3 / B
- PB

With George Lazenby, Diana Rigg
Directed by Peter H. Hunt
After the ever popular Thunderball ('65) a long run as the world's smoothest spy came to an end when Connery hung up his Walther PPK to pursue other acting adventures - to many a fan's dismay, of course. The prospective new Bond ended up being a bit of a bomb when George Lazenby realised the acting thing wasn't for him, least of all in the ill-fitting shoes of special agent 007. His stern, not-as-cool demeanour and the lack of elaborate wild gadgetry distracts from the flavour of how we've grown to love it. But, none the less, it is a Bond film and many aficionados actually praise it as a good installment, calling Lazenby the "romantic Bond", since he falls in love and gets married ! The Avengers' Diana Rigg is certainly one of the high-points inbetween the snow bound chases after Telly Savalas who wants to unleash a deadly virus onto the world.
2 / B
- PB

With Kevin Costner, Robert Duvall, Annette Bening
Directed by Kevin Costner
Kevin Costner ventures back to his sure thing of the Western theme. While this is no Dances With Wolves award winner, nor a drawn out spectacle like The Postman, Open Range is a subtle contrast between tranquility and the eruption of violence, personified by the character Costner portrays - a man with a violent past who turned to the simple, quiet life. As part of a quartet of freegrazers, Costner and Robert Duvall square up against a wealthy landowner / rancher (with the sheriff in his pocket) who kills one of their men and leaves another for dead. Bening is the female interest, helping with the wounded men and siding with the freegrazers. With a languid pace and more of an Unforgiven feel than Dances With Wolves, Costner takes the viewer on a steady rise from scenic subtlety to a gritty, tense shoot-out.
4 / B
- PB

With Kevin Spacey, Linda Fiorentino, Peter Mullan, Colin Farrell
Directed by Thaddeus O'Sullivan
Spacey and Fiorentino do the Irish accent thang in this pretty funny little flick about a charismatic thief who loves the media attention as much as he loves money. Cool, calm, collected and celebrity thief (Spacey) has the cops in Ireland raving mad. He tries his best to outwit and piss them off (even with a pending courtcase). This is an enjoyable heist/action/comedy with Spacey’s Irish accent not too bad. His gang is portrayed by fine actors, while the cloe microphone re-recorded sound acoustics on Fiorentino’s voice gets annoying at times (she’s still damn tasty, though). The heat gets cranked up when they steal a valuable painting, the cops camp out in front of his house, the IRA think they’re stealing what they want to nab and in-fighting flare up within the gang. The comedy/drama balance is well maintained while its gritty feel hardly comes close to that of Lock, Stock & Two Smoking Barrels.
3 / B
- PB

With Dustin Hoffman, Rene Russo, Morgan Freeman, Cuba Gooding Jr., Kevin Spacey, Donald Sutherland
Directed by Wolfgang Petersen
With so many stoppable enemies on our planet, one is sometimes more dangerous than someone armed with a bomb. A virus can infiltrate and destroy at an alarming rate. Spreading like wildfire, they can wipe out entire populations. When a new virus dumps the United States into a crisis, it’s up to Hoffman and his viral expert team to track it, find a vaccine and thus ultimately destroy it. It’s no easy task, though, especially since there seems to be serious opposition from within the military ranks higher up. A tense drama with enough action & excitement to avoid it being a dreary mini-series adapted from a Grisham novel, as well as a good dosage of thought provoking possibilities that a situation like this is not unlikely. Scary.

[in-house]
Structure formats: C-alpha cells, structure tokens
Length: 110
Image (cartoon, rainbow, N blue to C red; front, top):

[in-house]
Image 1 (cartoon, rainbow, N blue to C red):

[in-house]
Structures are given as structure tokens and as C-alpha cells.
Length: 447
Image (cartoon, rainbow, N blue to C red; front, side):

4 / B

- PB

With Nicole Kidman, Fionulla Flanagan, Christopher Eccleston, Elaine Cassidy, Eric Sykes
Directed by Alejandro Amenabar
The war is over and a protective mother on an isolated estate in a large, old house lives alone with her young son and daughter, her husband missing in action. The girl claims that she sees a little boy in the house, as well as several other people. Strange sounds and occurrences get creepier, especially after three new servants arrive. The tension steadily builds as the religious mother starts to lose her grasp of the situation. Produced by Kidman's now ex, Tom Cruise, the largely Spanish production definitely has an effect by lending it a Hollywood-free atmosphere. This dark, suspense filled spooky trip may be obvious to some from the outset, but it systematically sucks you into its ghostly bosom with sparse but intense scares outdoing the crap late 90's barrage of teen horror re-hashes.
4 / C
- PB

With Clint Eastwood, Sondra Locke, Chief Dan George
Directed by Clint Eastwood & Philip Kaufmann
Again Clint plays a not quite evil guy who ends up killing. This time it’s not greed, though, but the murder of his friends and family that leads him to murder. This humble farmer becomes a fugitive as a result as the law is on his tail. Set in the post-civil war South, the film was co-directed by Philip Kaufmann and Eastwood. It also stars Sondra Lock, Clint’s wife of many years (until their divorce a couple of year back).
4 / B

- PB


© 2006 Flamedrop Productions